The p97 ATPase associates with EEA1 to regulate the size of early endosomes.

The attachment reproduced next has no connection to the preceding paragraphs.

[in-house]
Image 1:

The AAA (ATPase-associated with various cellular activities) ATPase p97 acts on diverse substrate proteins to partake in various cellular processes such as membrane fusion and endoplasmic reticulum-associated degradation (ERAD). In membrane fusion, p97 is thought to function in analogy to the related ATPase NSF (N-ethylmaleimide-sensitive fusion protein), which promotes membrane fusion by disassembling a SNARE complex. In ERAD, p97 dislocates misfolded proteins from the ER membrane to facilitate their turnover by the proteasome. Here, we identify a novel function of p97 in endocytic trafficking by establishing the early endosomal autoantigen 1 (EEA1) as a new p97 substrate. We demonstrate that a fraction of p97 is localized to the early endosome membrane, where it binds EEA1 via the N-terminal C2H2 zinc finger domain. Inhibition of p97 either by siRNA or a pharmacological inhibitor results in clustering and enlargement of early endosomes, which is associated with an altered trafficking pattern for an endocytic cargo. Mechanistically, we show that p97 inhibition causes increased EEA1 self-association at the endosome membrane. We propose that p97 may regulate the size of early endosomes by governing the oligomeric state of EEA1.
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